The fourth strategy looks like typical electioneering politics, trying to appease conservative, traditional and religious sectors, and force the opposition to come out in support of minority groups. If ZANU-PF had their way, freedom to demonstrate and broadcast would be restricted to citizens and permanent residents. Dual citizenship is prohibited, and a foreigner married to a Zimbabwean can only obtain permanent residency after ten years, as opposed to the current requirement of five. The broad right to make decisions on reproduction included in the draft Constitution has been deliberately limited in ZANU-PF’s amended version to decisions on contraceptives, child-spacing and family-size. From the right to privacy, ZANU-PF has deleted the right not to have one’s health condition disclosed. Similarly, from freedom of the press, they have removed the protection of confidentiality of journalists’ sources. Finally, the status of traditional leaders is further strengthened. Specifically, ZANU-PF’s amendments remove the clause in the draft Constitution which prohibited traditional leaders from acting in a partisan manner, participating in political parties or violating the fundamental rights of persons.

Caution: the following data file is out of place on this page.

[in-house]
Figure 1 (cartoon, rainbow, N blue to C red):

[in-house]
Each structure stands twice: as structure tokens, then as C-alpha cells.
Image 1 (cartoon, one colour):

As part of their fourth strategy, to present themselves as a ‘morally pure’ party, ZANU-PF has gone on an all-out attack on gays and lesbians. The organisation Gays and Lesbians of Zimbabwe (GALZ) has been experiencing increased harassment for the past two weeks, with disruption of their meetings, assaults on their members, repeated arrests of members and staff, and raids on their offices. As part of this move, ZANU-PF’s draft amendments to the Constitution explicitly ban same-sex marriage and prohibit “homosexuality, gays and lesbian practices”. Whatever this unwieldy clause might mean, it suggests a full onslaught on people based on their sexual orientation and gender identity in the run-up to the elections.
As everyone holds their breath to see what will happen, the deadlock is an ominous sign of a party in crisis, holding on to their power with determination.
Written by Anneke Meerkotter, lawyer at the Southern Africa Litigation Centre, www.southernafricalawcenter.org